It took the American Medical Association (AMA) 2 years to discuss and finally adopt a set of ethical guidelines that telemedicine industry should use to ensure effective and safe online and mobile doctor-patient interactions.
The need for such guidelines was strong within eHealthcare due to the fact that telemedicine is completely reshaping how physicians engage with patients.
According to Dr. Jack Resneck, an AMA board member and dermatologist from Chicago, “the new AMA ethical guidance notes that while new technologies and new models of care will continue to emerge, physicians’ fundamental ethical responsibilities do not change.”
AMA guidelines suggest that when working with telemedicine providers, physicians must:
- inform patients about limitations of virtual services provided
- advise patients on all possible ways to arrange for follow-up care
- encourage patients to inform their primary care doctor about their engagement with a telemedicine service provider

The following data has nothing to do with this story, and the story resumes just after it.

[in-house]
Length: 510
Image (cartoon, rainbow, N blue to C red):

- advocate for initiatives to promote access to telehealth services for all patients who could benefit from virtual interactions with the doctor
In addition to these guidelines, AMA suggests that physicians have full access to all relevant information required for them to make well-grounded recommendations for each particular patient.
According to American Well CEO Roy Schoenberg who heartedly welcomes the AMA's ethical guidelines, "It [The AMA’s resolution] reflects a responsible embrace of technologies that can make healthcare significantly less painful for many Americans."
Today, we can see an unprecedented rise in remote consultations between doctors and patients via smartphones, tablets and PCs. This boost is fueled by the inclusion of such digital visits to health insurance coverage by Anthem, Aetna, AET, UnitedHealth Group and Blue Cross and Blue Shield plans.